Salida was the home of our first day-long workshop for the CNU Colorado non-profit organization. The event was called Smart Growth in Small Towns & Rural Communities. It was a day rich with information from a wide spectrum of urbanists in Colorado. The presentations from the day will be made available in the coming months at
Prior to giving my brief presentation on Context-Sensitive Landscapes, I took the opportunity to recap the tremendous presentations of the day. One of the messages that I wanted to emphasize from the Workshop was actually stated very succinctly at the Next Colorado Urbanism event a week before by Mark Heller, the Executive Director of the Golden Urban Renewal Authority. At the Next Colorado Urbanism event, each of the panelists was asked what they felt that their greatest impact to the new urbanism has been. Mark stated that his greatest contribution is that he hasn’t screwed up the original urbanism of Golden. This was a powerful and important statement that in an ideal world, all of our communities could make.
Colorado’s small towns and hamlets were originally laid out in a beautiful manner with a fine grain of detail and beautiful connectivity. More often than not, they were constructed as traditional “TOD’s”, or Transit Oriented Developments. This statement was reflected by Paul Crabtree in his presentation regarding the City of Salida. Salida, like most towns in Colorado, was originally developed as a Railroad town with the fundamental aspects of a modern-day TOD.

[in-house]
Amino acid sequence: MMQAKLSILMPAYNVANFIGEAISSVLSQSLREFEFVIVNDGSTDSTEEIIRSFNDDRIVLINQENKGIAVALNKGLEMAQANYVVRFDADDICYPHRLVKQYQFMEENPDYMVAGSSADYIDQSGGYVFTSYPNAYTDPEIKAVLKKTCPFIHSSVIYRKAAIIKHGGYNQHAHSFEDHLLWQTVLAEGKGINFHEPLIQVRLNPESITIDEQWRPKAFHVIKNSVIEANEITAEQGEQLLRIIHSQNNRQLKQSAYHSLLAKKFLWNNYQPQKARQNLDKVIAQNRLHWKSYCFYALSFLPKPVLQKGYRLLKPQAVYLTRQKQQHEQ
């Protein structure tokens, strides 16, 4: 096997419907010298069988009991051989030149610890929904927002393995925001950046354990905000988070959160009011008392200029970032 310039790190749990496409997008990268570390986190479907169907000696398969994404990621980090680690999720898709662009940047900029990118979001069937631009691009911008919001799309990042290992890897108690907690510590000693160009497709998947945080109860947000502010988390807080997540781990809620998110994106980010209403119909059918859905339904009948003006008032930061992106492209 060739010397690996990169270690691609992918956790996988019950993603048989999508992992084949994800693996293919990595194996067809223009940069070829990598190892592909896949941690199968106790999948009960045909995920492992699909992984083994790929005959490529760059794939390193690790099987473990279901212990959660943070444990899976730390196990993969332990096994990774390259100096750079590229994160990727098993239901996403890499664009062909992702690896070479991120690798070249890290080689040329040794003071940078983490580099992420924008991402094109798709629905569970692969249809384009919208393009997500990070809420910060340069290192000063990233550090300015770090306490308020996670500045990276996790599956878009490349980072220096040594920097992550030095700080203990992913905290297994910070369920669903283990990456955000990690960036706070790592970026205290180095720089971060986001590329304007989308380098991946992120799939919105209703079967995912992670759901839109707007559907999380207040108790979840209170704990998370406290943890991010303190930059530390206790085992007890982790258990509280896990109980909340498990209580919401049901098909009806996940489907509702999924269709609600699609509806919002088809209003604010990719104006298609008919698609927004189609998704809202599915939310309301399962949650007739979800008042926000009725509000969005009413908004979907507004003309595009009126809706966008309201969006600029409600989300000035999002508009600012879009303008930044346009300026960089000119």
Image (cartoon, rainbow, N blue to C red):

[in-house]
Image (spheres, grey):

An aerial view of Salida, circa 1996 illustrating the organizing grid of streets originally established by the railroad. Aerial image from MSR Maps.

I believe that our greatest task, as planners, architects and building officials, is to build on the heritage of our small towns. Today’s slow and incremental growth in small towns allows the opportunity to correct rubber-stamped zoning codes and subdivision regulations that our towns have adopted from the larger cities “Euclidian Codes”. In Colorado Springs, and other large cities, this is going to be a bigger challenge with major retrofit scenarios. The conventional Euclidian zoning codes have failed and are continuing to fail our cities today creating an infrastructure that City budgets cannot maintain. Codes that are form-based and inclusionary can begin to steer our communities back in the direction of holistic sustainability.